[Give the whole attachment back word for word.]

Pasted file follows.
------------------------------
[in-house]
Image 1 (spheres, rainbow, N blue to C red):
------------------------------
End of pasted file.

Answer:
[in-house]
Image 1 (spheres, rainbow, N blue to C red):